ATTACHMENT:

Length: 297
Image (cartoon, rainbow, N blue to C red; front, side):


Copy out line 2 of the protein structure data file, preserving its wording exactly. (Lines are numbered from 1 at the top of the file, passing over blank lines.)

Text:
Image (cartoon, rainbow, N blue to C red; front, side):